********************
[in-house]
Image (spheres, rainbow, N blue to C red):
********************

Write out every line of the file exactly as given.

[in-house]
Image (spheres, rainbow, N blue to C red):